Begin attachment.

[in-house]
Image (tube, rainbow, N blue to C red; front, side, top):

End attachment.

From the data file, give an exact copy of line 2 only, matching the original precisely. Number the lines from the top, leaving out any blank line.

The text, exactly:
Image (tube, rainbow, N blue to C red; front, side, top):